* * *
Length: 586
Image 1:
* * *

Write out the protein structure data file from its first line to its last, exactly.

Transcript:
Length: 586
Image 1: